We all know that it is dang near impossible to beat the market over any extended period of time. We all know that we are better off in index funds.
But do we invest in index funds? No.
We open up accounts at Robinhood and Coinbase, trade a bunch of futures and options, subscribe to newsletters and trading services, read books on how to beat the market, and waste a lot of time and energy trying to beat the market when we know it is impossible to beat the market.
Why do we do this?
Because it is fun.
I’m actually being serious. We do this for no other reason than our own amusement. Finance is a hobby for many people. We may be teachers or doctors or lawyers in our day jobs, but we punt around stocks in our free time. Easy to do now that all the trading apps are available on a mobile phone. And of course, people do manage to beat the market for short periods of time, but there are only a handful of people in the entire world that can do it consistently. The case of the exceptional manager.
Finance has not one, not two, but three TV channels, some with more drama than others. And there is drama, and there are personalities. It is one giant soap opera. One thing I’ve noticed about ESPN is that there is not a lot of sports on ESPN. It is mostly talk shows, with the hosts trying to create drama and controversy when there is none. The same is true of finance. We need stories, struggles between good and evil, and the best content CNBC has ever had on that channel is when Michael Lewis got into a shouting match with some HFT guys around the release of Flash Boys. Now, that was drama, and everybody loved it. Of course, Michael Lewis was dead balls wrong about the HFT guys, but everyone has forgotten all about it by now. It was fun.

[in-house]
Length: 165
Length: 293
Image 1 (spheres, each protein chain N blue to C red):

Options trading is a zero sum game. I win, you lose, you win, I lose. I’m not saying it doesn’t serve a purpose—risk is transferred from those unwilling to take it to those willing to take it, which is an important function of markets. But most options trading is recreational. It certainly was in 2021, with the degenerate call buying on the meme stocks. Sure, there are covered calls and cash-secured puts and slow boring strategies like that, but a lot of options trading is people trying to make 10x or 50x returns. Not too different from having a spin at the Roulette wheel. There has been a lot written in a lot of places about the differences and similarities of investing with gambling. I think the biggest difference is that gambling is supposed to be fun, while investing is supposed to be serious and boring. Well, we all know that finance is not serious and boring. Dumb, crazy shit happens all the time. And people will take the stuff that is slow and boring and turn it into dumb and crazy, like auction rate securities. Decades ago, people used to actively trade mutual funds, years before Robinhood came around.
Speaking of Robinhood (I am not a customer), a lot has been written about the gamification of finance, about how Robinhood took something that was slow and boring and turned it into a video game with whiz-bang visuals and sound effects, neural hacking that was designed to get people to trade more and more often. Nobody opened a Robinhood account because they thought that investing was slow and boring. They did it because they thought it would be fun! And Robinhood made it fun. The millions of people who were day trading on their Robinhood apps were doing it for pure entertainment. Sure, people thought they could get rich doing it—but they were having fun in the process. Except none of them got rich. They got poor, which was not so fun.
Having worked on the institutional side of the business, I can tell you that it was not all slow and boring. Even hedge funds traded for amusement. Things would get slow, and people would start ripping around SPYs and QQQs. I can tell you that I personally executed trades that had no economic purpose whatsoever. It was the middle of the day, I had just eaten a charcoal chicken panini, food coma was setting in, and I was bored. Human behavior, man.
Maybe bonds are slow and boring? You must not know any bond traders. There is more than enough degenerate gambling in the bond market to go around. I suppose the most boring aspect of the bond market is when big asset managers hoover up tens of millions of bonds at issuance, and then hold to maturity. There is definitely an economic purpose to that. But I can tell you that the business of making markets in bonds is not slow and boring. There is a lot of gamesmanship, and a lot of fun.